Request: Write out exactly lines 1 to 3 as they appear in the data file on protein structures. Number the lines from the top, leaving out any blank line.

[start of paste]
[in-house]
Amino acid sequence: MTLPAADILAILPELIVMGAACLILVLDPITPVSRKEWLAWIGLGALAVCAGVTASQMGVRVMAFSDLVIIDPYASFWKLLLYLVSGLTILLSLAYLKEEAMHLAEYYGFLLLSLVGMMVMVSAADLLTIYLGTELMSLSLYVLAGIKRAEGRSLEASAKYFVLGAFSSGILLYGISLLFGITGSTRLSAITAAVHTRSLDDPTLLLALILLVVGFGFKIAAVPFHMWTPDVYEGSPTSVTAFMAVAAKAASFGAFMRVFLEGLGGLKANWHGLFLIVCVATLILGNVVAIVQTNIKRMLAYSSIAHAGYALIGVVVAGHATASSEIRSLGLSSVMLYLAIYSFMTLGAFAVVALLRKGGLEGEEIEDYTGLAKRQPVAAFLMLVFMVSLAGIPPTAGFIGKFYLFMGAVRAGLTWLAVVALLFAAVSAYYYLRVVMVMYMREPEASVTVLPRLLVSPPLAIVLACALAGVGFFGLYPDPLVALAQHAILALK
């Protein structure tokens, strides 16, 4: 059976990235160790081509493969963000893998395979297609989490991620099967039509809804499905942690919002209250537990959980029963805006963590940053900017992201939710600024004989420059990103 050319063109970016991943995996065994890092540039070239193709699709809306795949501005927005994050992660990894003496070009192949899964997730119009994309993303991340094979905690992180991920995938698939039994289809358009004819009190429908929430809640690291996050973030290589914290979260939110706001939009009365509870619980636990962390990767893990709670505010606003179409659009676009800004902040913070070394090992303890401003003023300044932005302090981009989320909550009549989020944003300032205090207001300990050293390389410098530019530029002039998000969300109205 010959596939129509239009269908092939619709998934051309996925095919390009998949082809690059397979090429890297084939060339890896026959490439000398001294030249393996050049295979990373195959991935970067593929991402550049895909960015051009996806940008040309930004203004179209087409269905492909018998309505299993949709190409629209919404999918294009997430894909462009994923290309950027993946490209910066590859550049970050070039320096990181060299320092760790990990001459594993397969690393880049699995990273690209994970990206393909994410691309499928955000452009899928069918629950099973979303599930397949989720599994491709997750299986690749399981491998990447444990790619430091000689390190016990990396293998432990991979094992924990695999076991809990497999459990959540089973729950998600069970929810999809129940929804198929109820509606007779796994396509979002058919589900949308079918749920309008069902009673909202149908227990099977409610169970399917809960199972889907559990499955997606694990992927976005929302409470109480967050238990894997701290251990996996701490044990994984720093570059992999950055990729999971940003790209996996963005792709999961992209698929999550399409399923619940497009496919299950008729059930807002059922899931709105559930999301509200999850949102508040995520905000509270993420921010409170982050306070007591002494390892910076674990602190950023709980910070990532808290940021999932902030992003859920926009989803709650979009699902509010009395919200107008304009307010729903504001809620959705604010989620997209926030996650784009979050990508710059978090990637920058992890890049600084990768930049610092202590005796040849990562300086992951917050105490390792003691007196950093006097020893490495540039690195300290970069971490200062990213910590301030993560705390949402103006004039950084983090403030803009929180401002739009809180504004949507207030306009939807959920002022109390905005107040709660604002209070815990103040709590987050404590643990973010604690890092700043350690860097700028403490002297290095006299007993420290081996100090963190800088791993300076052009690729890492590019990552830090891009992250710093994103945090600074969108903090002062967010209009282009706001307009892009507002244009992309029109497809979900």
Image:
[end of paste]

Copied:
[in-house]
Amino acid sequence: MTLPAADILAILPELIVMGAACLILVLDPITPVSRKEWLAWIGLGALAVCAGVTASQMGVRVMAFSDLVIIDPYASFWKLLLYLVSGLTILLSLAYLKEEAMHLAEYYGFLLLSLVGMMVMVSAADLLTIYLGTELMSLSLYVLAGIKRAEGRSLEASAKYFVLGAFSSGILLYGISLLFGITGSTRLSAITAAVHTRSLDDPTLLLALILLVVGFGFKIAAVPFHMWTPDVYEGSPTSVTAFMAVAAKAASFGAFMRVFLEGLGGLKANWHGLFLIVCVATLILGNVVAIVQTNIKRMLAYSSIAHAGYALIGVVVAGHATASSEIRSLGLSSVMLYLAIYSFMTLGAFAVVALLRKGGLEGEEIEDYTGLAKRQPVAAFLMLVFMVSLAGIPPTAGFIGKFYLFMGAVRAGLTWLAVVALLFAAVSAYYYLRVVMVMYMREPEASVTVLPRLLVSPPLAIVLACALAGVGFFGLYPDPLVALAQHAILALK
């Protein structure tokens, strides 16, 4: 059976990235160790081509493969963000893998395979297609989490991620099967039509809804499905942690919002209250537990959980029963805006963590940053900017992201939710600024004989420059990103 050319063109970016991943995996065994890092540039070239193709699709809306795949501005927005994050992660990894003496070009192949899964997730119009994309993303991340094979905690992180991920995938698939039994289809358009004819009190429908929430809640690291996050973030290589914290979260939110706001939009009365509870619980636990962390990767893990709670505010606003179409659009676009800004902040913070070394090992303890401003003023300044932005302090981009989320909550009549989020944003300032205090207001300990050293390389410098530019530029002039998000969300109205 010959596939129509239009269908092939619709998934051309996925095919390009998949082809690059397979090429890297084939060339890896026959490439000398001294030249393996050049295979990373195959991935970067593929991402550049895909960015051009996806940008040309930004203004179209087409269905492909018998309505299993949709190409629209919404999918294009997430894909462009994923290309950027993946490209910066590859550049970050070039320096990181060299320092760790990990001459594993397969690393880049699995990273690209994970990206393909994410691309499928955000452009899928069918629950099973979303599930397949989720599994491709997750299986690749399981491998990447444990790619430091000689390190016990990396293998432990991979094992924990695999076991809990497999459990959540089973729950998600069970929810999809129940929804198929109820509606007779796994396509979002058919589900949308079918749920309008069902009673909202149908227990099977409610169970399917809960199972889907559990499955997606694990992927976005929302409470109480967050238990894997701290251990996996701490044990994984720093570059992999950055990729999971940003790209996996963005792709999961992209698929999550399409399923619940497009496919299950008729059930807002059922899931709105559930999301509200999850949102508040995520905000509270993420921010409170982050306070007591002494390892910076674990602190950023709980910070990532808290940021999932902030992003859920926009989803709650979009699902509010009395919200107008304009307010729903504001809620959705604010989620997209926030996650784009979050990508710059978090990637920058992890890049600084990768930049610092202590005796040849990562300086992951917050105490390792003691007196950093006097020893490495540039690195300290970069971490200062990213910590301030993560705390949402103006004039950084983090403030803009929180401002739009809180504004949507207030306009939807959920002022109390905005107040709660604002209070815990103040709590987050404590643990973010604690890092700043350690860097700028403490002297290095006299007993420290081996100090963190800088791993300076052009690729890492590019990552830090891009992250710093994103945090600074969108903090002062967010209009282009706001307009892009507002244009992309029109497809979900």